The odds are that Amazon knows more about your Significant Other’s preferences than you do. That doesn’t make you inattentive, regardless what he or she might say; it makes you human.
Algorithms and machine learning (where computers observe your behavior and form a constantly evolving picture based on your activity and the decisions you make, and then make predictions about what you’re likely to do next, regardless whether you have even formed the idea yet or not) are showing up everywhere.
Amazon uses Artificial Intelligence (AI) to suggest what you might like to buy next, based on previous browsing and purchasing patterns. Google and Facebook serve up ads based on what you read, what you search and post, and where you have been both on- and off-line. Now even IBM is getting into the act, in a very big way.
And this one’s a biggie.
When most of us think of IBM and the Watson project, we tend to think of the supercomputer that played Jeopardy! a few years back. It was a big deal at the time, testing assumptions about how well a computer could apply ‘judgment’ (an essentially human capability) to decisions. The twist was that the algorithms had to teach Watson how to think like a human, only better.
Watson would need to be able to make the same contextual assumptions and interpretations as we do when faced with a question (we humans have the edge in the ‘fuzzy logic’ department because we do it, literally, without even thinking) and then lean into its reserves of ‘perfect knowledge’ – all the research and factual information available in databases (where Watson had the edge over fellow contestants) to play the game.
How much of the time Watson was really playing on ‘his’ own, and how much was ‘artificial, artificial intelligence’ (humans pushing buttons to prompt him at the right time), we’ll never know. What was interesting to me, though, was that the humans competing against Watson, won. The first time.
The second time, AI dominated. Watson had learned from experience, and upped ‘his’ game.
That’s the piece about machine learning that holds so much promise for some, and poses such a risk to privacy and ‘humanity’ to others. As with any tool or technological development, whether it is a blessing or a blight depends on the person holding the tool.
Interestingly, Watson has recently entered a new space: Candidate Recruitment. By scanning and synthesizing a staggering number of stats and noticing patterns, Watson can help an employer decide where to post an ad in which market, identify how big the candidate pool is likely to be, and even how to position the opportunity and to whom. Cool.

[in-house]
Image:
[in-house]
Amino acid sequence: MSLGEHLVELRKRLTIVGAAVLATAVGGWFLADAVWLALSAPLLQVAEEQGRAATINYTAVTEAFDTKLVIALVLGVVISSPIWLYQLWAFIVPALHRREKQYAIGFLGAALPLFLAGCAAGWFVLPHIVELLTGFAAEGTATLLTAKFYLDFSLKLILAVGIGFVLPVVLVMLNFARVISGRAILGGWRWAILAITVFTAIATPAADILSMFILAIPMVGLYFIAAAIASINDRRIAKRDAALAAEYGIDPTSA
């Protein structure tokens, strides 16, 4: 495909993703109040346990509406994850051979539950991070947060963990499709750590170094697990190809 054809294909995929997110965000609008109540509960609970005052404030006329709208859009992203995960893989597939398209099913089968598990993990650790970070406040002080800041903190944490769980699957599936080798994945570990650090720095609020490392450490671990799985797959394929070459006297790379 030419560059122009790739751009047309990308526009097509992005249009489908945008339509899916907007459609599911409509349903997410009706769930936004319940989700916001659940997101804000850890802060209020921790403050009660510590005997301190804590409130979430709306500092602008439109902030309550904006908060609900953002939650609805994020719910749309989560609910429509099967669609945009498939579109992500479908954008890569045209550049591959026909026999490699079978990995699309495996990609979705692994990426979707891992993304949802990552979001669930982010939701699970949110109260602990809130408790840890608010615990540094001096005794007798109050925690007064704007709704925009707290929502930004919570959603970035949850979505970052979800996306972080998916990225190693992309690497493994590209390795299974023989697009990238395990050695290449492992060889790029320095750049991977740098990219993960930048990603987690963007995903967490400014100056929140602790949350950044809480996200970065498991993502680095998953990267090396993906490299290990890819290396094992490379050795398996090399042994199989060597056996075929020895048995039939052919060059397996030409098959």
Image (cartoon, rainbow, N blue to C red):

Watson is now learning how to infer things about us, based on text. Things we post in the public domain – in blogs, the comments we make on Indeed, and so on – tell Watson lots about our personality. This has become so sophisticated, in fact, that IBM has launched a product that will scan text an individual has written and pretty much nail their core personality traits in the ‘Big 5’ model (Conscientiousness, Agreeableness, Extraversion, Openness and Stability).
Yes, Watson can peer into your soul based on the things you comment on and the words you use, and predict reasonably accurately how you will respond to certain triggers. We are all essentially lab rats.
All of which opens the door to a whole new set of tools for marketers and others (political parties, perhaps?), to tailor their messaging so it will be more appealing to each individual viewing it. Think about it: a website or a marketing campaign that serves up completely different messaging and imagery, based on the inferred personality of the visitor.
A little too ‘Big Brother’ for your taste? Maybe so, maybe not.
Watson is a little ‘out there’, on the bleeding edge of AI and predictive tech. And, I imagine, the market will determine what Watson focuses ‘his’ attention on; IBM is, of course, a commercial venture and Watson is a valuable product.
And while ‘he’ is an extreme application of machine learning, there are many other ‘milder’ versions of AI and cognitive/behavioral science coming into vogue, that deserve their place in the dawning ‘Golden Age’ of applied technology. Like it or not, computers are a lot more attentive to the detail (and objective) than any of us humans.
Back to hiring… there’s a growing assortment of employment assessment tools and other job-matching products in the marketplace, some of them very good and many misguided and misapplied. The Watson debate begs the question, though: can an algorithm help you decide who to look at first out of a stack of applicants, based on their likely fit in the job?
Can it help you ask the right person the right questions, so you (and they) are more likely to get what you need out of the interview? Unequivocally.
Should an algorithm be used to override human judgment, or in its place? Never. But it can save you a lot of time and trial-and-error by guiding you to the candidates most likely to fit in and succeed.